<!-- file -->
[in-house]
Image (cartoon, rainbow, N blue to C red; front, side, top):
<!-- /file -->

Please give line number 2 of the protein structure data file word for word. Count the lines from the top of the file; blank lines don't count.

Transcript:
Image (cartoon, rainbow, N blue to C red; front, side, top):